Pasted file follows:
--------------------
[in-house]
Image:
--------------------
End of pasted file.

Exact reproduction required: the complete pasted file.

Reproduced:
[in-house]
Image: